Commercialization of the Brain

A recent article in Science News[1] raises serious concerns about new developments in brain research. You can read the entire article here but allow me to summarise some of the key points. The field of neuroscience is one of the most important biological sciences of our time and the advances in recent years have been staggering. Scientists have found that by inserting probes into the brains of humans and eavesdropping on the synaptic signals, they can actually interpret the neural chatter well enough to allow people to use computers to shop online and use prosthetic arms with nothing but their minds. The technology obviously offers great opportunities for people with disabilities and so we would want to encourage this research. But along with the opportunities for great good come some ethical and privacy concerns.

What we are really talking about is the ability to read a person’s mind. We might read a signal and convert it into a machine movement, or we might read a signal and convert it into text on a screen or checkmarks in an online shopping cart. Columbia University gave a demonstration of technology in which a man was able to respond to a question and deliver a text message using only his mind. If we can listen in to the brain in this fashion, what else might be possible? The Neuralink company (another of Elon Musk’s entrepreneurial endeavours) envisions a day when we all might have a neural mesh wired in under our skulls to listen in on our brains. The use might be as simple as being able to call your car (a Tesla of course) from the parking garage simply by thinking about it or to allow us to think about a Google search and have the information appear in our brains.

This linkage of mind and computer has some questioning how far this might go. Do we really want our brains to be connected to our computers? What if someone were able to hack into our brains and listen to our private thoughts? Could the direction of influence flow both ways? Might our minds be bombarded with advertisements much like our social media feeds of today? Could a government use such technology to provide us with blissful thoughts when we acted in certain ways? Of course, such technology and their uses are far beyond today’s capabilities, but we need only to look at how quickly some of our other technology has advanced to realize that these are legitimate concerns. How might we regulate the advances of brain/computer technology when the advantages and conveniences offer such a powerful incentive and emotional attraction? A quote on the front page of NeuraLink’s webpage makes it clear that there are tremendous possibilities and huge commercial gains to be made in this type of research:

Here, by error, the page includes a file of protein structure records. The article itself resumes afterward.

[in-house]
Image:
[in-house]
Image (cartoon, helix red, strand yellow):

“Every day we’re building better tools for communicating with the brain. With the right team, the applications for this technology are limitless.”[2]

The Science News article pointed out a number of ethical questions and asked people for their concerns and feedback. The author also offers a link to a major neuroethics paper that attempts to suggest ways in which researchers might be responsible in their ethical choices. It will be important for all of us to consider the developments of such technology in the years to come. As some have pointed out, the internet, our smartphones, and social media were largely developed without much consideration for their effects upon our world. Not all of those influences have been positive. Have we learned from the past and can we avoid making similar mistakes in our neural technology future?

[1] “Can privacy coexist with technology that reads and changes brain activity?: Ethicists, scientists and our readers consider the ethics of brain technology”, Science News February 11, 2021,

[2] Neuralink webpage, “Create the Future with Us,” accessed 2021-02-13.

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